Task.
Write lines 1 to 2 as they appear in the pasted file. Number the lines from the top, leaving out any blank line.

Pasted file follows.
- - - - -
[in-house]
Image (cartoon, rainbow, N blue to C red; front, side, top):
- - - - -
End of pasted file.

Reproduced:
[in-house]
Image (cartoon, rainbow, N blue to C red; front, side, top):